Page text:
The rest of the world will have to adjust as balances change. This is not just happening in Asia, but also between Russia and Western Europe, between Iran and the Saudi Arabia-dominated Gulf, and between India and its neighbors. These adjustments will create a whole new set of regional and local dynamics. A world that is likely to become more transactional holds many surprises. Alliances can shift and countries can harden their stances quickly if they believe they cannot rely on the same external reassurance. The coming years are therefore likely to see a continuation of the trend toward more—rather than less—conflicts. While old conflicts are increasingly difficult to end, new ones keep being added to an already long list. As the world slips into ever more violence, the danger is that war becomes the new normal rather than an exceptional situation.

New leaders may emerge as partners to buttress the global system, perhaps including China or coalitions of regional powers that have understood that a shared basic order benefits all.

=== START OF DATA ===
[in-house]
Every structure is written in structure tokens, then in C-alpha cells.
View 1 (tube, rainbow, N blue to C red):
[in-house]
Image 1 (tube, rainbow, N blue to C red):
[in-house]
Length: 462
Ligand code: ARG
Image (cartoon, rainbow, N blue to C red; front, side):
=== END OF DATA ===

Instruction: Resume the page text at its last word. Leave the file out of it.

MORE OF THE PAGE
More dramatic scenarios are possible. The erosion of international norms and institutions combined with less preventive diplomacy will lead to more conflicts, and local grievances combined with international or transnational connections will increase the risks of escalation. Local actors may gain enough autonomy to generate new conflicts even against the will of more powerful actors, who may find themselves dragged by their web of connections into wars they did not initiate. That phenomenon was a factor in the chain of events that led to World War I. It could be replicated today, with the important qualification that the existence of nuclear weapons introduces more caution and more risk in the present situation.